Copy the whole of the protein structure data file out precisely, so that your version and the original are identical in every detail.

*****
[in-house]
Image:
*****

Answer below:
[in-house]
Image: